On Monday we'll join the roundup over at the Nonfiction Monday blog where you'll find even more book reviews. We'll also be hanging out on Marvelous Middle Grade Monday with other  bloggers over at Shannon Messenger's blog. Hop over to see what other people are reading. Review copy provided by the publisher.




Friday, February 17, 2017

Two more books for black history month

The Underground Railroad: navigate the journey from slavery to freedom
by Judy Dodge Cummings; illus. by Tom Casteel
128 pages; ages 9-12
Nomad Press, 2017

This book opens with an explanation of what slavery is and what the abolitionist movement was. It will help readers glimpse what life was like for enslaved people, and how they fought the system that shackled them.

The cool thing about this book: it's like going on a field trip into the past. As with any expedition, you'll want to grab your notebook and pencil to record ideas, observations, and reactions as you work through the activities.

There are 20 activities, starting with how to interpret statistics. Though graphs and statistics help put huge numbers into perspective (11.3 million enslaved men, women, and children brought to the Americas) they are impersonal. So how do you put a human face on the people who suffered?

Other activities include making a hoe cake, creating your own abolitionist broadside, writing coded messages, and learning navigation skills. Through the reading, we get to know Frederick Douglass, Isaac Hopper and his society of abolitionists, black businessmen who put themselves in danger to help fugitives, and Harriet Tubman. Excerpts of primary sources and links to online primary sources help connect readers to historic events.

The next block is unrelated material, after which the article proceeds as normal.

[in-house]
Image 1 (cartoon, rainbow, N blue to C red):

Shackles From the Deep: tracing the path of a sunken slave ship
by Michael Cottman
128 pages; ages 10 & up
National Geographic Children's Books, 2017

Michael Cottman is an African-American journalist and deep sea diver. So when he learns of artifacts found in a shipwreck off the coast of Key West, artifacts from a slave ship, he wants to dive right in and learn more. His curiosity takes him on an excellent adventure to uncover the mystery surrounding the ship, Henrietta Marie.

The ship sank in the early 1700s, but it wasn't until 1972 that anyone had found it. And that discovery came about when a treasure hunter was seeking a different wreck. Instead of gold, he found shackles small enough to imprison a child.

When Cottman was invited to help with the underwater memorial at the site of the slave ship, he decided he wanted to learn more: who owned this ship? Who made the shackles and cannons? Who was the captain? The crew?

He wanted to retrace the route the Henrietta Marie took from London down to the west coast of Africa, and then to the Americas. He came to realize that slavery, for a ship captain back in the 1600s - 1700s was simply a business. African people weren't referred to as humans but as cargo. Not only is this a great adventure and mystery - it's a true story.

On Monday we'll join the roundup over at the Nonfiction Monday blog where you'll find even more book reviews. Review copies provided by publishers.